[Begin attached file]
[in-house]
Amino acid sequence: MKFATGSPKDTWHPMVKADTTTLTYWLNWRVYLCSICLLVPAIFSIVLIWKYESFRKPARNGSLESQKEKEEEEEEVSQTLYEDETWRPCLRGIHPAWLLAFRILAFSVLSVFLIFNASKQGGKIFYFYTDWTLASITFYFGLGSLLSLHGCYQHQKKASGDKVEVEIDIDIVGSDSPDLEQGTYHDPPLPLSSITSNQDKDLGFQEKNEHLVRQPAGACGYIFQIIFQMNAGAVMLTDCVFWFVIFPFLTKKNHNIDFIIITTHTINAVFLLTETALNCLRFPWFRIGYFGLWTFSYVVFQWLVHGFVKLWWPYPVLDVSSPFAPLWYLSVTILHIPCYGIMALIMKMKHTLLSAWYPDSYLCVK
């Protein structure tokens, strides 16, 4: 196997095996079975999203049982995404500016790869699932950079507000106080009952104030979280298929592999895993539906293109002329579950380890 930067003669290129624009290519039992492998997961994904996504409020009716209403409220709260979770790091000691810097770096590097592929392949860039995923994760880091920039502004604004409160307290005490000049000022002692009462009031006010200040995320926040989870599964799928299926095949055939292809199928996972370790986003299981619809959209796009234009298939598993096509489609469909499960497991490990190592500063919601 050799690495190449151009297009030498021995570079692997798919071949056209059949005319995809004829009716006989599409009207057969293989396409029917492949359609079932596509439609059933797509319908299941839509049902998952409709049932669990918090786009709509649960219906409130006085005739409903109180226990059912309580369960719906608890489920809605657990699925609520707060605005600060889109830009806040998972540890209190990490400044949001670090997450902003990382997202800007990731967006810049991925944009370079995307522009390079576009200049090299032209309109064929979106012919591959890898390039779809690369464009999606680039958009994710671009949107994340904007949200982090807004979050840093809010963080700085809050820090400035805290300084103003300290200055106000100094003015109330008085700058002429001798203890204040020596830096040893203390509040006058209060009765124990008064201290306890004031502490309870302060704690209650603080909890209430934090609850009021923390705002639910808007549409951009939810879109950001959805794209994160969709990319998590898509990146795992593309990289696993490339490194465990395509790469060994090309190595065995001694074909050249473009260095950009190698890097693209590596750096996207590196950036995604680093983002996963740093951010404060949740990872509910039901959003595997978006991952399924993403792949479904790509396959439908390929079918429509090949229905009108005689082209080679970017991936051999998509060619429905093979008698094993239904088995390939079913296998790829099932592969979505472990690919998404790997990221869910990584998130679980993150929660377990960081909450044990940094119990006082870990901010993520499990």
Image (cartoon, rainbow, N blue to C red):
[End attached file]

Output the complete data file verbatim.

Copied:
[in-house]
Amino acid sequence: MKFATGSPKDTWHPMVKADTTTLTYWLNWRVYLCSICLLVPAIFSIVLIWKYESFRKPARNGSLESQKEKEEEEEEVSQTLYEDETWRPCLRGIHPAWLLAFRILAFSVLSVFLIFNASKQGGKIFYFYTDWTLASITFYFGLGSLLSLHGCYQHQKKASGDKVEVEIDIDIVGSDSPDLEQGTYHDPPLPLSSITSNQDKDLGFQEKNEHLVRQPAGACGYIFQIIFQMNAGAVMLTDCVFWFVIFPFLTKKNHNIDFIIITTHTINAVFLLTETALNCLRFPWFRIGYFGLWTFSYVVFQWLVHGFVKLWWPYPVLDVSSPFAPLWYLSVTILHIPCYGIMALIMKMKHTLLSAWYPDSYLCVK
């Protein structure tokens, strides 16, 4: 196997095996079975999203049982995404500016790869699932950079507000106080009952104030979280298929592999895993539906293109002329579950380890 930067003669290129624009290519039992492998997961994904996504409020009716209403409220709260979770790091000691810097770096590097592929392949860039995923994760880091920039502004604004409160307290005490000049000022002692009462009031006010200040995320926040989870599964799928299926095949055939292809199928996972370790986003299981619809959209796009234009298939598993096509489609469909499960497991490990190592500063919601 050799690495190449151009297009030498021995570079692997798919071949056209059949005319995809004829009716006989599409009207057969293989396409029917492949359609079932596509439609059933797509319908299941839509049902998952409709049932669990918090786009709509649960219906409130006085005739409903109180226990059912309580369960719906608890489920809605657990699925609520707060605005600060889109830009806040998972540890209190990490400044949001670090997450902003990382997202800007990731967006810049991925944009370079995307522009390079576009200049090299032209309109064929979106012919591959890898390039779809690369464009999606680039958009994710671009949107994340904007949200982090807004979050840093809010963080700085809050820090400035805290300084103003300290200055106000100094003015109330008085700058002429001798203890204040020596830096040893203390509040006058209060009765124990008064201290306890004031502490309870302060704690209650603080909890209430934090609850009021923390705002639910808007549409951009939810879109950001959805794209994160969709990319998590898509990146795992593309990289696993490339490194465990395509790469060994090309190595065995001694074909050249473009260095950009190698890097693209590596750096996207590196950036995604680093983002996963740093951010404060949740990872509910039901959003595997978006991952399924993403792949479904790509396959439908390929079918429509090949229905009108005689082209080679970017991936051999998509060619429905093979008698094993239904088995390939079913296998790829099932592969979505472990690919998404790997990221869910990584998130679980993150929660377990960081909450044990940094119990006082870990901010993520499990």
Image (cartoon, rainbow, N blue to C red):